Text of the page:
Extreme Pilgrim

Sometimes I think I know too much about life as a vicar in the Church of England, so I was suprised to find myself watching a short documentarty about one on television last night.

Peter Owen Jones used to be in advertising, so I think he enjoys being in front of a camera. He says we've lost the plot about “spiritual enlightenment” in Britain, and that the church is too intellectual. So the one hour programmes follow him as he chooses three wildly different religious experiences. Last night was a Buddhist mountain monastery in China, from which Zen Buddhism later developed, and where the religious way – meditation – is a very physical martial art like Kung Fu. Apart from scenes of this guy of about my own age nearly killing himself by learning Kung Fu alongside seventeen year old youths, I liked the footage of him with other monks sweeping a terrace in a way that was really a dance.

I can feel that British Christians who want a more contemplative or less intellectual way of faith should first explore the rich depths of our local Christian heritage. I'm thinking for example of Celtic traditions, Lectio Divina, and the ways of St Ignatius (all of which crop up in the Spiritual Direction course that I am doing).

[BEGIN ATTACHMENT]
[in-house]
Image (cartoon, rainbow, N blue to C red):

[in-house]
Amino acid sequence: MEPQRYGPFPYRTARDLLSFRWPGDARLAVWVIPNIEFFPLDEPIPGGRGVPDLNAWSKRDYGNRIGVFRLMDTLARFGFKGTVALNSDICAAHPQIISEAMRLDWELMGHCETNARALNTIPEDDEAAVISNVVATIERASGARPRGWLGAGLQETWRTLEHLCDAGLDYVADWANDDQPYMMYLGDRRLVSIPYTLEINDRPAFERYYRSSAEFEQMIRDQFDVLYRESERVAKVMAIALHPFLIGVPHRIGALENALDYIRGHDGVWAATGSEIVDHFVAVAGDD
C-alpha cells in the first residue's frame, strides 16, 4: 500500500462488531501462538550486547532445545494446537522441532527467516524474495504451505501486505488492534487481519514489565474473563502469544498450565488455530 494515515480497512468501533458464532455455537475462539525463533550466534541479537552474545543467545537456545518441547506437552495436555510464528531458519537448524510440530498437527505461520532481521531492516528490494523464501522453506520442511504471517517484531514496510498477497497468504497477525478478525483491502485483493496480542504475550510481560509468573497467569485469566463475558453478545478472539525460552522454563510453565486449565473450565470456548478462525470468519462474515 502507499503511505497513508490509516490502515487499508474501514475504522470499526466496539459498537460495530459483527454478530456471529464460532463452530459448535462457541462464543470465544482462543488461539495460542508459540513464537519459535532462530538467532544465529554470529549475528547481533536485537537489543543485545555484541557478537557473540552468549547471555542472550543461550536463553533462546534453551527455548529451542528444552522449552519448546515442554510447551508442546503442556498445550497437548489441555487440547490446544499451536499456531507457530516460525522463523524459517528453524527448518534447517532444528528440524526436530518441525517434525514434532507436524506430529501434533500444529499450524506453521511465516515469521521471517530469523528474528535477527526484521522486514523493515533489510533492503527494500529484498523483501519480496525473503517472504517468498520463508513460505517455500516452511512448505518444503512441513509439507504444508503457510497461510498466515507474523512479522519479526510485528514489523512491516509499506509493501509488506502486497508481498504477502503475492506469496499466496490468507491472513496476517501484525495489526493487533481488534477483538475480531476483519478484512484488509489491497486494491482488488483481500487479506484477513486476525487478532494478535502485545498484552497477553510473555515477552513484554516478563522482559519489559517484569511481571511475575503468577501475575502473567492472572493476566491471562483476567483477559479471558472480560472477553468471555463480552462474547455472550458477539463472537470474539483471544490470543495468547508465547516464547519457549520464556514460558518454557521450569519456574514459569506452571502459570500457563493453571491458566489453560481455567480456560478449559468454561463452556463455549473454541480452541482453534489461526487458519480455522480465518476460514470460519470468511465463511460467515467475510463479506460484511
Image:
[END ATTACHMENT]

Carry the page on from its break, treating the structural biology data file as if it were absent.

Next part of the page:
However I found this programme enriching. I liked the reminder that all life, including physical activity, should be worshipful. I liked the enlightenment that he seemed to discover as he found a sense of belonging with the monks, recognised that his worries were inside himself, and discovered that he was able to be more in tune with creation around him.

Anthony de Mello (yes I know I'm a fan of his) seems to have a similar perspective when he writes that happiness is something you have to discover inside yourself, rather than expect to come from external circumstances.

To continue this journey, watch the remaining two parts on BBC2 tv on Fridays at 9:00 p.m.

New Year Resolution 2008

I find myself starting to think about resolutions for the year ahead. Sometimes I come up with long lists of things I want to achieve.

This year what comes to mind is a desire to have fun and listen.

Last year seemed to have a lot of downs as well as ups, and as a family we could do with building on the “fun.” Work should be fun too, so this is in part about developing the new business.

Listening is about getting to know and being responsive to people, but it is also about listening to God – every day should be attentive. The best image I have of a close relationship with God is that of a pair of dancers who need to be very attentive to one another's every move including the footwork! (The image here is of dancing from the days when people used to hold one another – so “Strictly Come Dancing” style not disco – I must be showing my age.)

From a Christian point of view, there's something here about knowing, and living out, the “joy of our salvation.”